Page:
Visual Communication: Research-Based Information Exchange

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People use a variety of different communication techniques to share information. However, the type of informational exchange determines how well the source externalizes the data or ideas and how effectively the recipient understands it. Visual communication, as highlighted by relevant research, is a valuable tool that applies to various disciplines. Using visual elements appears to affect the receiver of the information both directly and indirectly. One of the benefits of applying this particular communication practice is that it exacerbates subjective and objective thinking, which is why it is widely applied in the field of psychology, sociology, neuroscience, and behavioral medicine. As an outcome, implementing visual communication can be an effective way of presenting an idea while allowing the audience to determine its purpose using personal overviews and experiences. Research illustrates the productivity of applying imagery and visual stimulation to cause interest in a topic, proficiently spread information in interpersonal communication, and influence one’s physical behavior.

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Visual Communication and Psychology

The effectiveness of visual communication is highlighted by the use of the conscious and subconscious mind to identify the information and determine its meaning in relation to one’s own self. Thus, a person’s personal experience and overview shape how they perceive what is received from the outside world. Communication is closely related to phycology since interactions are known to have the ability to form connections, alter how one perceives another person, or lead to negative overviews. However, from an objective standpoint, visual communication in itself is an excellent way to add a level of personal involvement in a conversation. Due to the fact that such a method of sharing information is based on visual cues, each member of an audience is able to apply subjective overviews when interpreting the data. Researchers refer to Gestalt psychology as the branch based on the idea that a form is not interpreted based on its constructive characteristics but is rather shaped depending on who perceives it (Zhao and Pan 3). Thus, from a psychological perspective, applying visual representations as a way of communicating information allows individuals to add subjectivity to constructive data and become more emotionally involved in the interaction. This creates more interest in the subject perpetuated by the sender due to the form in which the message is shared.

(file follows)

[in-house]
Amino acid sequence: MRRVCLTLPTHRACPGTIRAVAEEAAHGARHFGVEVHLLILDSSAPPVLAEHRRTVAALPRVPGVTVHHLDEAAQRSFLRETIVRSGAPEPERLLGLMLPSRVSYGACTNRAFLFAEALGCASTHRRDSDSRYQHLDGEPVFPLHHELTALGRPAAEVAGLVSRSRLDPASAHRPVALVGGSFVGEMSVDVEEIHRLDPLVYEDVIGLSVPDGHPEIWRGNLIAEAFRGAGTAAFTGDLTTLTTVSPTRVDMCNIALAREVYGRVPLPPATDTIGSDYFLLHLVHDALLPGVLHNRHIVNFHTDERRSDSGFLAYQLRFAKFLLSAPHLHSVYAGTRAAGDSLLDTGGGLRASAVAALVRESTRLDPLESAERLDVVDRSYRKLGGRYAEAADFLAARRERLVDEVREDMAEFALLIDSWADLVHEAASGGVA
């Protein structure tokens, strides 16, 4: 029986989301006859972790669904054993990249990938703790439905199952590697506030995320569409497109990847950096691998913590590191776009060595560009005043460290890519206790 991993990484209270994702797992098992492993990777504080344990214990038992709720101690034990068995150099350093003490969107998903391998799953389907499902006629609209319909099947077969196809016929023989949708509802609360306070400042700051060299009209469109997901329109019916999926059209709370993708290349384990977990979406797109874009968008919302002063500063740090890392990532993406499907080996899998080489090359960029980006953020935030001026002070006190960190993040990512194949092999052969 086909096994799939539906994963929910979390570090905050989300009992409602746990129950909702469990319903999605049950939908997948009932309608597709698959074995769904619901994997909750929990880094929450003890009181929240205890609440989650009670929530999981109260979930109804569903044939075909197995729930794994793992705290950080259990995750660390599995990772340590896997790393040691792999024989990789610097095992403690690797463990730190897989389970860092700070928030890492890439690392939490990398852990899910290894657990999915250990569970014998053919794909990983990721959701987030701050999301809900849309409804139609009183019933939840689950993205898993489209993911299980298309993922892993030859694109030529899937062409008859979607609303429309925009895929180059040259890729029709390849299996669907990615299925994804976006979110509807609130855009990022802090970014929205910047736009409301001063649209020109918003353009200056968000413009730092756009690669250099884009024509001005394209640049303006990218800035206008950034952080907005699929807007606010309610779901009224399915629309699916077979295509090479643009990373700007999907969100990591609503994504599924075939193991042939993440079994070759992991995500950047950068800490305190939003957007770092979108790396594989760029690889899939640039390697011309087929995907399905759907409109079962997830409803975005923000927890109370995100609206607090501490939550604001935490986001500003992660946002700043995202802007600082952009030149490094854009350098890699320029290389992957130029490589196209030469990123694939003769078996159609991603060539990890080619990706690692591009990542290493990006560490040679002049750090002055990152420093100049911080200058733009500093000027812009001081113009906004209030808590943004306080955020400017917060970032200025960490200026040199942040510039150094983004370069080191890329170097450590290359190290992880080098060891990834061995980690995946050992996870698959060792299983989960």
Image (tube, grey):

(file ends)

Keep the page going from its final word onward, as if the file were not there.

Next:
Visual Communication and Sociology

While psychology applies the idea that a person interprets data based on subjective experience, sociology adds the importance of considering one’s societal belonging in perceiving data and interacting with others. Thus, aspects of culture, including gender, race, background, nationality, income, sexuality, and religion, shape a person’s behavior since certain experiences are shared within a particular community. Visual communication does have an appliance in sociology due to the fact that data can be shared differently based on the group of people receiving it. Kautt (353) uses the watch analogy to explain the framework. Based on the design of a watch, one can determine the sociological implications of the community to which the design applies. The watch can look masculine or feminine, which refers to one’s gender, casual or fashionable, which determines the circumstances in which one can wear it, and youthful or mature, which highlight’s one’s age. Thus, while visual representations are subjective, they can apply to a group and communicate an idea that a particular community shares and understands. From this regard, sociologic connotations may be attributed to imagery when sharing data or referring to the message that the sender shares with the receiver.

Visual Communication and Neuroscience

As exemplified by research, visual communication has scientific connotations related to the discipline of neuroscience. Thus, visual cues are not only subjectively perceived but also exemplify themselves through reactions in the nervous system. An image can stimulate receptors and lead to negative, positive, or neutral reactions. As with any form of communication, the recipient of the information may have disruptive or advantageous responses. Research attributes it to the brain areas, including the frontal cortex, that cause the neurons to receive information through the eyes and transmit it to the nervous system (Pearson 624). Thus, visual imagery produces a response as a result of the brain interpreting it in one way or the other. In terms of communication, exacerbating this process is also linked to the correlation between the information that is being shared and the subjective overview caused by a particular physical process in one’s mind. Based on how this message is neurologically interpreted, the reaction differs. As a result, the recipient may be open to learning the information, interested in the message, or negative towards the premise.